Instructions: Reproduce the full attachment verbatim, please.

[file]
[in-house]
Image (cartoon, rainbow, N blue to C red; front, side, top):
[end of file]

[in-house]
Image (cartoon, rainbow, N blue to C red; front, side, top):